he was hospitably received The Rev. Mr. Williston of wherever he went, and that mulLisle has been employed, part of titudes, apparently, received the his time, by the Trustees, in the word of life with emotions of missionary service. By two gratitude and joy. He represents communications from him, one that the religious attention which of the 2d of April, and the other has lately been so gloriously of September 6th, 1804, it ap- prevalent in many of the congrepears that, at different times, he gations in that state is now rathhad spent fifteen weeks in mis-er on the decline ; but the hapsionary services. He had preach- py fruits of it are however very ed more than eighty times, ad-visible ; and that society in ministered the Lord's supper general wears a new aspect. twice, admitted seven or eight Hundreds have flocked to the persons into full communion standard of truth, and enlisted with the church, baptized twenty into the service of the great Capchildren and one adult. He attain of salvation. tended many conferences, sever- The Rev. Calvin Ingala, who al church meetings, and made a has already been mentioned as number of family visits. His performing a laborious tour in preaching and labors have been the northern counties of Verprincipally in the counties of mont was soon after his return Chenango and Tioga and in the appointed to a missionary tour military grants. In April he in the settlements south and west made a tour of about four weeks of Lake George. He set out on down the Susquehannah, and his mission the 4th of June, and preached at Owego, Old Sheshe returned the 19th of September. quin, Sugar Creek, at Wysox He visited the settlements south and on to Tioga point. He l of South Bay and Lake George, and west of the lake. He rode | there is not a single person who 857 miles, preached 70 times, can read a word. In some few examined several persons for places, notwithstanding, the peochurch communion, formed one ple are serious and attentive to church, baptized a number of preaching ; especially in Bur: children, visited the sick and af- lington, Springfield and in the ficted, and spent considerable society of Union. In these platime in visiting from house to ces churches have been formed house. Once he administered in consequence of a happy work the Lord's supper. He observes of God, a short time since, among that in that tract of country, there them. Herc, says Mr. Wil. is a wide field for missionarylabors liams, at evening lectures the and that in many piaces the pros- places of meeting have commonpect of doing good is favorable. ly been filled. On the sabbath The people were inclined to hear people have come from great when an opportunity presented. distances, and the assemblies He was every where politely re- have been numerous. The hearceived, and in some places with ers have generally given an earncordiality and affection. The est and solemn attention. These people were full of expressions churches have no pastors and of gratitude to the people of this is the case with many other Connecticut for their exertions churches in those counties.to afford them the preaching of Some are wholly destitute of the gospel, and wished for the preaching and in a broken, percontinuance of them.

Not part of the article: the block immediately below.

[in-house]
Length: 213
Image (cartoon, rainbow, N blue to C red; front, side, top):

ishing condition. The churches It was observed in the last and people manifest an increas. year's Narrative, that the Trus- ing desire to have constant preache tees had appointed Mr. Thomas ing but cannot obtain it because the TVilliams a missionary in the laborers are few. From the ercounties of Delaware and Otsego rors and difficulties which ai in the state of New-York; and bound, the prospect, as to the that they had desired the origin-rising generation, is very glcoal association of Windham coun-my. Many parents seem to be ty to ordain him, as an evangel- sinking into discouragement and ist. He was ordained according saying, what will become of our io the desire of the Trustees, and children? Shall we ever have a commenced his missionary.la- minister ? bors in June. Three letters Mr. Eli Tyde, having been have been received from him, by appointed a missionary to visit which it appears, that he is zeal- the settlements on Black river ously and laboriously exerting and the adjacent country, went himself in the duties of his mis- out on his mission the beginning sion. It appears that he had of September. By a letter from preached at the rate of alout 150 him of the 8th of November, it times a year. He has attended appears, that he had visited most many conferences, and been la- of the settlements within the borious in the visitation of fam- field of his labors; and that he ilies. The state of religion and had preached about 70 times, moral instruction, in that part of besides performing other minthe country in general, is very isterial services. His remarks low. In some whole familics respecting that country, as an